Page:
nicola, you’ve unleashed the word nerd in me… I’m very curious to see what you post about <>lúnula<> tomorrow—can’t help seeing the word with an accent, sorry. Oh, and I forgot to add that Clepsydra, the water-hoarding time wiz turtle, is Cassiopeia’s evil twin sister.
Huh, well, I was going to say that lunula has become one of my favorite words — every since someone told me about it a few months ago. But they are lacking a definition for it in that article.
jennifer, I’ll save what I have to say about lúnulas for tomorrow. ;-) I have a few guesses about what Nicola’s post will bring us. If I’m right, part of it will intersect with Hild research.>>nicola, talk about teasers, eh? Look at us, so expectant.
jennifer, then you should enjoy tomorrow’s post :)>>karina, oh yep, I’m a tease. And, no, nothing to do with Hild. Well, hmmn, okay, I’ve just figured out how to vaguely sort of include Hild…
Thanks for humoring me. :-D
I’ve found the etymology geek in me relatively “late” in life (I’ve been at it only the last few years) and my sense of wonder has grown exponentially.>>I guess I’m always searching for the story of how things began (galaxies, atoms, molecules, forces) and now finding the beginnings of words just adds to my pleasure. >>Tease me more! .grin.
Janine: I googled a question the other day-at work no less- asking why the sky is blue- not magenta, or loden green, or mocha. >>A favorite word: Daybreak>>Nonfavorite: dyscontrol…as in “counselors can purchase medication for consumers who exhibt behavior dyscontrol…”
A friend of mine likes interrobangs so much that she got a tattoo…>http://www.facebook.com/friends/?ref=tn#/photo.php?pid=1592774&id=606615863&ref=mf>>Limpid has always made me think of the word <>limpet<> which sounds the same. I used to call my tiny nephew my little limpet because he clung to me but now that he’s well over six foot tall not so much. Not sure where the <>Incredible Mr. Limpet<> fits in there.>>I like the way the word <>milk<> feels in my mouth with I say it. Again I may be influenced by the song of the same name by the <>Penguin Cafe Orchestra<>.>>I love Clepsydra–there’s such a long history of that sort of crime in my home state! So now there’s a word for that specific form of thief!>>I also like <>debacle<> why I cannot say.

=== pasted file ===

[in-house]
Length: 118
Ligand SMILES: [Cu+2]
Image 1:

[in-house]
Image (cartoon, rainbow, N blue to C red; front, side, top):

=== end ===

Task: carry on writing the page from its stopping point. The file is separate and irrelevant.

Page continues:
Lunula reminds me of one of my favorite words, demi-lune (a table shaped like a half moon). I really like made up (pieced together) words. One of my favorites is smack, as in smack your lips or smack dab in the middle. I guess that’s why I use smackaroonie as an Internet name. Don’t ask me what “aroonie” means(grin), it just sounds right. Like buckaroonie or whackahoonie.
<>Milky<> is, for me, one of those primal words; it plugs right into the part of the brain that isn’t really verbal. (All very contradictory but, oh well…)
bluenote, that ‘ooo’ sound puts a skip in one’s mental step I think: hootenanny, whooo-ee…
Enervating sounds exactly the opposite of what it is, and therefore I despise it.>>I also hate the word pustule. Nobody should ever say it. Ever.
Well, in relation to the c word which no one should say, ever, there’s ‘carbuncle’, which can mean either a boil-like inflammation or a jewel. Gee, which would I prefer…?
“Puce”> is what Bobby Joe> would yell> as we lined up> at scrimmage and> dropped down into our stance.> He meant> he was going to take> my guy on a> crossblock. I,> I was to get his.> Somewhere around> the second time> Bobby Joe yelled> my guy usually began bailing> out.> Bobby Joe, he just> retired from the FBI.
We still don’t have the ‘carbuncle’ dilemma in Spanish. <>Carbúnculo<>, also <>carbunclo<>, has only the jewel sense attached to it. And it’s not just any jewel, but a very specific type: a ruby. >>I can totally see the word eventually going the same way it did in English, though. We also have <>carbunco<> to refer to the nasty disease found in cattle and transmissible to humans that manifests in those nasty boil-like inflammations Nicola mentions. >>All it takes for the term to veer is that veterinarians, ranchers, and the general public start adding an ‘l’ to ‘carbunco.’ I’m pretty sure some are already doing that, given how prominent a hypothetical epydemic spread of <>Bacillus antracis<> became a few years ago… It’s only a question of time before the dual meaning reaches the Royal Spanish Language Academy and infiltrates our dictionaries.
karina, a ruby? Interesting. In English it’s a red stone, but most often a garnet, I think.
Comments are closed.